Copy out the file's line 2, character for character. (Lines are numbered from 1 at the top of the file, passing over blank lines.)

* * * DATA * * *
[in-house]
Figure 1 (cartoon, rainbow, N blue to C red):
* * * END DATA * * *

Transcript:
Figure 1 (cartoon, rainbow, N blue to C red):